Many employers are alarmed about the current labor shortage — the phenomenon of a labor market with more job openings than unemployed workers. There are two supposed problems, they allege. First, that the labor shortage is caused by government benefits that discourage work. And second, that the shortage will harm the economy.
Both claims are wrong. With the latter, the opposite is likely to be true: The labor scarcity we’re experiencing is real. But this is an opportunity, not a crisis.
Let’s start with the causes of the current labor shortage. Research on this question is unambiguous: We don’t know what’s going on. One logical explanation is that generous pandemic unemployment insurance benefits are now giving them reason not to work. But the data don’t bear this out. Multiple analyses find that generous benefits did discourage workers from seeking new jobs. But the effects were small. States that terminated federal pandemic unemployment benefits ahead of schedule this summer saw only a minuscule decline in unemployment relative to those that didn’t. Tellingly, continental Europe and Britain are experiencing labor shortages similar to those in America, even though they barely expanded unemployment benefits during the pandemic. (Instead, they covered the paychecks of workers whose hours were cut or who were furloughed.)
A second culprit is child care. When schools, day care centers and summer camps closed, parents — moms, mostly — became full-time caregivers, making a return to the workplace all but impossible. Women with children have since returned to work at almost the same rate as women without children, meaning access to child care isn’t the main culprit.
Let’s entertain a third possibility. People’s valuation of their own time has changed: Americans are less eager to do low-paid, often dead-end service and hospitality work, deciding instead that more time on family, education and leisure makes for a higher standard of living, even if it means less consumption.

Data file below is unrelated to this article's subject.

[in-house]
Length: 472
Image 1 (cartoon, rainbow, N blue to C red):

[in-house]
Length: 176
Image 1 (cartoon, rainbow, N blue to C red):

If the lack of enthusiasm for bad jobs lasts, does this bode ill for the U.S. economy? The answer is no — and here’s why: The U.S. doesn’t have a job quantity problem; instead, it has a job quality problem.
For the past 40 years, our economy has generated vast numbers of low-paid, economically insecure jobs with few prospects for career advancement. On almost every measure — pay, working environment, prior notice of job termination, and access to paid vacation, sick time and family leave — non-college-educated U.S. workers fare worse than comparable workers in other wealthy industrialized nations. Consider this: Low-education workers in Canada make one-third more per hour than their U.S. counterparts. Of course, America’s job-quality problem is longstanding. So what does it have to do with the pandemic?
Imagine that the U.S. had a market mechanism that spurred employers to voluntarily pay higher wages, offer better benefits and use workers more productively. Actually, that mechanism exists — it’s called a labor shortage. Indeed, the only times in the last four decades that U.S. workers without college degrees saw rapid, sustained improvements in working conditions were during similar periods of labor scarcity: in the late 1990s, during the dot-com boom, and in the years immediately before the pandemic, when the unemployment rate fell below 4 percent. The period of labor scarcity, then, is an opportunity to catalyze better working conditions for those who need them most.